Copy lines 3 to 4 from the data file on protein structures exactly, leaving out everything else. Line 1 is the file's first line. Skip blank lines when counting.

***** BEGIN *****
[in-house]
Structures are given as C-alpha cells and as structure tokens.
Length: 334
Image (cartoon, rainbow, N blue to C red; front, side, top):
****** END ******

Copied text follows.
Length: 334
Image (cartoon, rainbow, N blue to C red; front, side, top):